Interval Training Secrets
There are two primary methods of performing interval training. The first is the conventional Work to Rest method. The Work to Rest method uses a set time for work and a set time for rest. Ratios are determined and, the athlete or client rests for generally one, two or three times the length of the work interval before repeating the next bout. The big drawback to the work to rest method is that time is arbitrary. We have no idea what is actually happening inside the body, we simply guess. In fact for many years we have always guessed, as we had no other “measuring stick”.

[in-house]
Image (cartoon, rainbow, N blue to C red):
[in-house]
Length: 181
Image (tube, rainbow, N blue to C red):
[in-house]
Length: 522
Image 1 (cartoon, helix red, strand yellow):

With the mass production of low cost heartrate monitors, we are no longer required to guess. The future of interval training lies with accurate, low cost heartrate monitors. With a heartrate monitor there is no more guessing. We are no longer looking at time as a measure of recovery, as we formerly did in our rest to work ratios, we are looking at physiology. What is important to understand is that heartrate and intensity are closely related. Although heartrate is not a direct and flawless measure of either intensity or recovery status, it is far better than simply choosing a time interval to rest. To use the heartarte method, simply choose an appropriate recovery heartrate. In our case we use sixty percent of theoretical max heartrate using the Karvonen method (see The Problem With Formulas box). After a work interval of a predetermined time is completed the recovery is simply set by the time it takes to return to the recovery heartrate. When using HR response, the whole picture changes. Initial recovery in well-conditioned athletes and clients is often rapid and shorter. In fact rest to work ratios may be less than 1-1 in the initial few intervals. An example of a typical workout for a well-conditioned athlete or client is show below.
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